A short update from Leiden

I’ve been in Leiden for¬†two months now and it’s rather enjoyable. The town is very nice and the same can be said about the university. It’s a university which put focus on archaeology as is evident from the fact that a whole faculty has been devoted to it. There is also a¬†department for osteology and funerary archaeology with several times more osteologists than in the whole of Norway, so, for me, this is¬†an excellent place to be. I’ve even gone slightly Dutch since I’ve been here. The last time I went Dutch was at Sandown Park.¬†I’m riding a bike to work and I’ve started to make sounds previously unfamiliar to me during conversations. The Dutch language is, indeed, an interesting one, and quite good fun to try¬†to learn.

With views like these along the way, the ride to work is quite pleasant.



Over to something more serious and project related. I’ve got a slightly busy, and hopefully quite exciting,¬†week ahead of me. On Monday I’m going to Trondheim to attend the yearly¬†SAMKUL conference and seminar. ¬†There I will meet project leaders and participants in the¬†other SAMKUL funded projects and learn more about the¬†other research projects within this NRC program. My stay in Trondheim will, however,¬†be a rather short one and already the next day I’ll be leaving for Innsbruck where I will meet with the Walther Parson and Petra Kralj from the¬†GMI. This is something I’ve been waiting for for a long time and will be very important for the project. The rest of the week we will go through the results of the DNA¬†analyses and¬†I don’t really have any idea of what’s been found, so, needless to say, these are exciting times.

I have also had some time to look at the isotope data¬†and there is a good mixture of exciting and expected results. It is evident that the studied population was quite a mobile one, with people moving to and from the¬†area, and some moving away and later back again. I can’t go into too much detail as the interpretation of the data hasn’t finished and it will also have to be properly published before I can share every detail here on the blog. With regard to the further interpretation of the isotope data, I am pleased to announce that I will be cooperating with Val√©rie Daux at Universit√© de Versailles in France. I am very hopeful that this cooperation will be¬†a great asset for project and I’m looking forward to our first meeting in a couple of weeks’ time.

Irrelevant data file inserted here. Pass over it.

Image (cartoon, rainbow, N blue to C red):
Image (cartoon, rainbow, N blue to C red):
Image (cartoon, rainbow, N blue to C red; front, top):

3 Responses to “A short update from Leiden”

  1. Tarje Wanvik Says:

    Good luck in Innsbruck! Coffee when you are back??

  2. hif001 Says:

    Thanks! There’ll be plenty of opportunities for coffee in December. Looking forward to it.

  3. instant switch scam Says:

    As a result, your metabolism can drastically slow down to
    conserve energy and fat. You keep to that speed for
    10 minutes as warm-up, then you increase the speed to 25 miles
    an hour and stay there for 2 – 3 minutes before you drop back to 15 miles an hour for another 5 minutes.
    This is such an important part of your weight loss journey so don’t
    underestimate the importance and power of quality sleep and recovery.

Leave a Reply

Immigration and mobility in mediaeval and post-mediaeval Norway
Department of Archaeology, History, Cultural Studies and Religion, University of Bergen
E-mail: stian.hamre@ahkr.uib.no

Site last updated November 22, 2016 @ 12:39 pm; This content last updated October 30, 2014 @ 1:40 pm